I almost made a serious mistake — one that could land my daughters in the very sort of situations I (and I’m guessing, most parents) would hope to spare them. Of course I didn’t realize I was going down a potentially dangerous path. I was just doing the same thing my own parents and other authority figures did.
You know the story: Little boy pulls your ponytail, or sticks his tongue out at you, or makes fun of your hair bow. You feel awful. You go home and tell your mom and she says, with a knowing smile, “Honey, he probably has a crush on you. Boys sometimes tease girls they like because they don’t know what else to do. He just needs to grow up a bit.” Some moms might just joke and say, “Get used to it, sweetheart, it only gets worse from here.” I’ll admit, I’ve used both versions. Or close enough to consider myself guilty as charged.
In the back of my mind I’d thought, “Maybe this isn’t the best way to handle this. I don’t think it worked out all that great for me.” But I just couldn’t pull it together enough or, to be blunt, bother, to do differently.
My daughter had come home from school and told me that a boy in her class keeps “saying mean things” to her. My knee-jerk reaction was to tell her he was “only doing it because he likes her.” I took the familiar (and easy, and lazy) route — the one that said, ” If it was good enough for me, it’s good enough for her. I turned out OK.” But… not true. On either count.
And then I read something. Thing is, I can’t remember where. It would sound better to say it was in a reputable magazine. But I have a feeling it was actually in some enjoyable, fluffy “chick lit” book I’d bought for passing the time in waiting rooms and carpool lines. As soon as I can figure it out, I will be sure to give the author her due. But for now, suffice it to say, it was eye-opening!
The author said, and of course I’m paraphrasing, “If you tell your daughters that boys are mean because they like them, they will end up accepting poor treatment — and in extreme cases, abusive treatment — under the misapprehension that this is how boys, and eventually men, show they care.”
This hit me like a ton of bricks. If I’d been a cartoon character, a lightbulb would’ve appeared over my head. As is, I may actually have smacked my forehead and said, “D’oh!” Not only did I feel like a complete moron for (a) having bought this line back when and then taken more than my fair share of crap from more than my fair share of men, but (b) that I would even consider, and had actually begun, feeding my own kids the very same poisonous tripe. OMG!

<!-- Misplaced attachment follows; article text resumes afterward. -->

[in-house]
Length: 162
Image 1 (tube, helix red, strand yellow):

It was less than a week from the time I read those wise words until my oldest daughter once again complained about the boy “staring at her” and “saying mean things” in the lunch room. Now was my chance to make it right. But what to say? Thing is, he probably is staring at her because she’s gorgeous, and maybe he is and maybe he isn’t picking on her because he “likes her.”
Thing is, if someone can’t simply like you by liking you, then who needs them? There are plenty of nice boys out there, who grow up to be nice men (I married one). Why bother with the jerks? Oh, to have had that alternate view firmly planted in my head back as I grew from ‘tween to teen to woman. To think what I could have avoided.
So I said, “Honey, he’s probably staring at you because he thinks you’re pretty. He’s mean to you because he’s an idiot. Maybe he likes you but doesn’t know how to express it, maybe he doesn’t like you and feels he needs to express it. Doesn’t matter. Stay polite, and stay away from him. If he comes to you to say mean things, tell him ‘I am not interested in anything you have to say.’ Then walk away and ignore him. Spend your time and energy on the nice kids.”
Clearly, not all things old-school are superior. Here, for once, I’m Promodernmom. This is a case where the old way is certainly not the better way. I hope I’m instilling in my girls a knowledge that mean is mean — whether he thinks you’re pretty or not. For every mean boy who thinks you’re pretty and swears his undying love but can’t bother to treat you with consistent respect and kindness, there is a nice boy who also thinks you’re pretty, and will be someone who deserves your attention and affection.
Now, I’m not suggesting that the lure of the bad boy — those guys who flatter and promise, then disappoint and wound — can be entirely negated by telling young girls to keep away from jerks. Of course not. But at least I won’t be planting the notion that those boys (and men) who treat them badly while declaring their love are only doing so because that is how they show their affection. Because it’s just not true. He’s not mean because he likes you. He’s mean because he’s mean. Whether he likes you is irrelevant.
(originally posted Feb. 26, 2010)